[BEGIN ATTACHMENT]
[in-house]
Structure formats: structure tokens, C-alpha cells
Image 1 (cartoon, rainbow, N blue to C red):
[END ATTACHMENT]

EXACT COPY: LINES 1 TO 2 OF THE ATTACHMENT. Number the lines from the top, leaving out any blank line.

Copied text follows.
[in-house]
Structure formats: structure tokens, C-alpha cells